My notes on Strathern, M., & Latimer, J. (2019). A conversation. The Sociological Review, 67(2), 481–496.

In this interesting conversation with Marilyn Strathern, who I had the pleasure to meet when Jana Bacevic organised a a masterclass with her at our department, Joanna Latimer explores the act of writing and the influence Strathern’s has had on her own. Joanna explains her experience of how Strathern’s writing “has this kind of extraordinary way of entering into one” such that “your parts become my own, and then I discover I can’t think without your parts”. As Strathern explains, her writing is intensely conversational even if the reader might not be aware of exactly who she is having the conversation with:

And it may be that this sense of always being in conversation contributes to that. There’s an ethical side to it, and of course when I was doing my work on intellectual property I sort of touched on it, which is that, you know, nothing actually ever sprang from Zeus’s head fully formed. I mean one is in debt, one is incredibly in debt, one is always taking what other people have done, whether one knows it or not. It’s not always that I have a particular person in mind, or I’m writing for people who’ve provided me with the means to do so. Rather, you stand on, stand on the shoulders of giants and all the rest of it. I’m very conscious, that one is just simply turning the soil until the next person comes along. So there’s that aspect. There’s also the intellectual chase that one gets into, getting into somebody’s argument. It does its work, it sparks you off, and you really want to pull it apart or you want to put it back together again or you want to take bits out. There are things that you think you could do otherwise. And so forth. And that’s very often in relation to specific arguments.

It is writing which seeks to “turn your reader over”, as Joanna puts it, by upending the conventional and the assumed. Marilyn describes her object as “recurrent habits of thought people just get into, time and again”, some of which provoke “real anger, I mean I’m cross”. It left me with a strong sense of the intimacy of writing, almost as vectors of entanglement through which the concerns of the writer spill over their boundaries and into the reader. There’s a really interesting section connected to this about Marilyn’s  preference for the word person over terms like identity or individual. These are bound into an imaginary which needs to be critiqued and other choices create the opportunity to get out from under them:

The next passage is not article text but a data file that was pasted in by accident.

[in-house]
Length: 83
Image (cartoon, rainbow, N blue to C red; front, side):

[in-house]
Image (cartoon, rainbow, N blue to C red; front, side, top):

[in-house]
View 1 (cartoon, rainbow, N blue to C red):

Person is a term that I get from orthodox classical British social anthropology. A person is a social configuration. It’s always a relational construct. It doesn’t have the [vernacular] implications of individuality that identity has. I think that’s where the preference is. […] But because person is slightly unusual in English, after all we do use it, everyone knows what we mean, and there are contexts where we use it on an everyday basis – like ‘a person in their own right’ – but actually we don’t use it as much as we would use the word individual for example, or human being, or whatever. Slightly unusual. And it tends to be in legal language, doesn’t it? Person of no fixed abode. Whereas we’d [ordinarily] say man or woman, or whatever.

There’s a micro-podcast here in which I respond to Joanna Latimer’s presentation of an early version of this paper at a workshop last year. My talk is at 40 mins:

What is the relationship between social media and individualism? It is often claimed that these platforms engender a preoccupation with the self, easily cast in terms of individualism. But it is a preoccupation which is just as often claimed to be profoundly social, in so far as that it involves a concern with how many facets of the self are perceived by others, as mediated through social media platforms. It occurs to me that de Tocqueville’s distinction between individualism and egotism could be useful in helping clarify this issue. Though egotism and individualism are commonly assumed to go together, such that individualism as a cultural force will foster egotism in individuals, de Tocqueville saw the distinction rather differently:

Our [European] fathers were only acquainted with egotism. Egotism is a passionate and exaggerated love of self, which leads a man to connect everything with his own person, and prefer himself to everything in the world. Individualism is a mature and calm feeling, which disposes each member of the community to sever himself from [others] so that, after he has thus formed a little circle of his own, he willingly leaves society at large to itself. Egotism originates in blind instinct: individualism proceeds from erroneous judgment … Egotism blights the germ of all virtue; individualism, at first, only saps the virtues of public life; but, in the long run, it attacks and destroys all others, and is at length absorbed in downright egotism.

In an old essay about Heidegger’s conception of language, the philosopher Charles Taylor invokes the notion of ‘words of power’ to explain the power of Hitler’s rhetoric. Once we move away from a sense of language as an expression of individual meanings and purposes, we find ourselves somewhere entirely differently: